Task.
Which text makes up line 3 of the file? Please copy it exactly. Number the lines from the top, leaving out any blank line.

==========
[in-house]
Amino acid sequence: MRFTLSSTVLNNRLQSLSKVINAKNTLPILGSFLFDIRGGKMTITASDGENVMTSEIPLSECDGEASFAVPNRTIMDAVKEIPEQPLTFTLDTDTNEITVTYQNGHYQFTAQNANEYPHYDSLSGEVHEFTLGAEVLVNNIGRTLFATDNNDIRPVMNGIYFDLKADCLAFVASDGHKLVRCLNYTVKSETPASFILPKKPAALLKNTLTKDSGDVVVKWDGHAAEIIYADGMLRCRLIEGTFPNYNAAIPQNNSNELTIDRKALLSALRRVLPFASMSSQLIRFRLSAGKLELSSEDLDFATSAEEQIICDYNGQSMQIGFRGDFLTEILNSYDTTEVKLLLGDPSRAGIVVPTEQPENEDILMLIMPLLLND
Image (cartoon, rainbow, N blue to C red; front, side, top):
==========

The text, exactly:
Image (cartoon, rainbow, N blue to C red; front, side, top):